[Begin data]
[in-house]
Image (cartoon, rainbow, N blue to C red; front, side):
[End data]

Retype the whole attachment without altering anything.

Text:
[in-house]
Image (cartoon, rainbow, N blue to C red; front, side):